You are not currently logged in.
Access JSTOR through your library or other institution:
If You Use a Screen ReaderThis content is available through Read Online (Free) program, which relies on page scans. Since scans are not currently available to screen readers, please contact JSTOR User Support for access. We'll provide a PDF copy for your screen reader.
The Burrowing of the Western Shovel-Nosed Snake, Chionactis occipitalis Hallowell, and the Undersand Environment
Kenneth S. Norris and J. Lee Kavanau
Vol. 1966, No. 4 (Dec. 23, 1966), pp. 650-664
Stable URL: http://www.jstor.org/stable/1441397
Page Count: 15
You can always find the topics here!Topics: Sand, Snakes, Burrowing, Soils, Animals, Deserts, Pressure, Locomotion, Reptiles, Respiration
Were these topics helpful?See something inaccurate? Let us know!
Select the topics that are inaccurate.
Since scans are not currently available to screen readers, please contact JSTOR User Support for access. We'll provide a PDF copy for your screen reader.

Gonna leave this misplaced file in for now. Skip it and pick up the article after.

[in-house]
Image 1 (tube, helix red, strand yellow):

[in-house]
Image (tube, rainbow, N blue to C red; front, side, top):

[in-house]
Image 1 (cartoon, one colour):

Preview not available
The western shovel-nosed snake, Chionactis occipitalis, often emerges at night in a more or less synchronous fashion over fairly extensive areas of desert. Experimental studies of this phenomenon indicate that emergence is regulated by a circadian rhythm which probably acts in concert with near-surface sand temperatures. The earth pressure relations of aeolian sand were studied with a buried pressure cell. The downward pressure of shallow uncompacted aeolian sand upon a buried snake is roughly the same as that of a fluid of equal density, but lateral pressures are much lower. Pressure exerted on the snake's ventral surface results from the dorsal pressure. There are several implications of this regime for subsand locomotion and respiration. The maximum period of submergence beneath dry sand seems to be roughly temperature-dependent, being shorter at high temperatures, while basal metabolic rate seems to be somewhat depressed by a sand overburden. Buried shovel-nosed snakes were found to breathe by rapid gular fluttering movements. During active burrowing the downward-bent head and the overhanging rostral scale produce a sand-free cavity used for expiration and inspiration. Chionactis feeds on scorpions in such a way as to avoid the stinger and claws of the prey. Skin shedding occurs beneath the surface, but defecation above.